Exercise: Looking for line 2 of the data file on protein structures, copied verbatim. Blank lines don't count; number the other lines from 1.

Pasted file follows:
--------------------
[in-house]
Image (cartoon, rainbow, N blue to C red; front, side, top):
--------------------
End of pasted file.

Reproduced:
Image (cartoon, rainbow, N blue to C red; front, side, top):